International and local jurors of the 2023 President*s Design Award (P*DA) share what it means to create well-designed spaces for people at the P*DA Jurors Forum on 17 February 2023. Read on for the insights.
1. Embrace nature
“Instead of having nature adapt to us, we need to learn to adapt ourselves to nature.” As we find solutions to address the effects of climate change, Thai landscape architect, Kotchakorn Voraakhom, reminds us that we need to first learn how to embrace our natural environments, treating our infrastructure like our own bodies that have a life of their own.
Whether it is revitalising Bangkok’s downtown canal or creating Asia’s largest rooftop at Thammast University with multiple functions, for play, to grow food and generate solar energy, Kotchakorn’s design solutions are examples of how we can design and adapt our infrastructures to live well with nature.
The Chong Nonsi Canal Park in Bangkok, a revitalised canal in the business district. Image credit: Ded Filmlandscape
2. Involve the community
Beyond living well with nature, design solutions can impact and benefit larger communities. “As designers, we need to break away from our silos and engage wider communities as much as possible.” In one of his projects, Soori Bali, a boutique hotel villa and residence, Singapore architect, Chan Soo Khian, saw how integrating the hotel within the surrounding environments and involving the wider community had made a difference in people’s lives. The development provided access to the nearby temples and irrigation pathways for farmers. Local materials were used, and local craftsmen were employed. 85 per cent of the staff at the hotel were from the local villages. A nursery was also set up to support local fauna and a dance school served the local community.
Soori Bali, by SCDA. Image credit: SCDA
3. Start small
If good design can change one’s environment for the better, how can we inspire further action? Architect Marisa Yiu believes that sparking change can start from very small efforts.
“What is the future of micro parks in Hong Kong?” Beginning with a simple proposition, Marisa, co-founder of the non-profit group, Design Trust, that has been driving design projects in Hong Kong, led experimental ideas to redesign four park spaces from 2018 under its Futures Studio, where young designers worked closely with the community.
The delightful parks and public spaces created re-energised communities and brought many generations of people together. Their benefits and impact inspired another 170 park spaces to be identified for further improvement.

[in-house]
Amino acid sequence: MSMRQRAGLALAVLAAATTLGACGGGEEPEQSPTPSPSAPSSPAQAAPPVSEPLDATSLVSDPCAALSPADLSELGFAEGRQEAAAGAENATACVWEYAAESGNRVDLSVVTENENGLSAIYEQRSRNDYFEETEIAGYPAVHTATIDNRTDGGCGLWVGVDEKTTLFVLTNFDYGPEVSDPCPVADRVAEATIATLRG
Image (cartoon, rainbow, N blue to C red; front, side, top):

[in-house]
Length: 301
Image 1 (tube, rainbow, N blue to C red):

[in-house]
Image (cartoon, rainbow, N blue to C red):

Yi Pei Square Playground, one of the park spaces that was transformed, led by Design Trust. Image credit: Design Trust
4. Focus on design process
In designing prototypes for the park spaces, beyond creating impactful designs, Marisa found that it was also equally important to focus on the design process and identify who else could be engaged besides designers and the community.
“We should respect and tap on everyone’s different expertise.” For example, when designing a playground, the design process could include psychologists, non-profit champions, and playground design experts.
5. Design with impact
Seeing the impact that the transformed park spaces had on the community, Marisa reminds us that creating well-designed public spaces will become increasingly important, especially in high-density cities.
She believes that “access to public space is a human right.” The way our public spaces are designed and placed within our neighbourhoods can have a major impact on our mental health and well-being. She hopes the efforts to redesign park spaces in Hong Kong can further challenge policy makers, designers and communities to continue to work together to design and create open, diverse and humanising spaces throughout the city.
6. Nurture the next generation
Ultimately, creating well-designed spaces requires building up more design-conscious communities, who can appreciate good designs and can meaningfully participate in design efforts.
In finding creative solutions to address climate change, Kotchakorn emphasises the need to teach our younger generation to learn to live with nature. “The sustainability of a city is also about nurturing and building up design champions.” Since it was formed in 2014, Marisa shared that Design Trust has brought together over 500 young designers with experienced mentors to lead and contribute to design projects.
From left to right, Dr Hossein Rezai, Jury Chair of the P*DA Design Panel and the three P*DA Jury Members at the P*DA Jurors Forum’s first segment on 17 February 2023, Kotchakorn Voraakhom, Marisa Yiu and Chan Soo Khian.
The President*s Design Award is Singapore’s highest honour for designers and designs across all disciplines. The 2023 award will be in July, where the Design of the Year and Designer of the Year from architecture and other design disciplines will be conferred. For more information about the award, go to https://pda.designsingapore.org/presidents-design-award/